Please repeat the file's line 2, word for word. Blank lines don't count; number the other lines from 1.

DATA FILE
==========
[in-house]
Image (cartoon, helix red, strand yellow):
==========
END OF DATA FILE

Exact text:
Image (cartoon, helix red, strand yellow):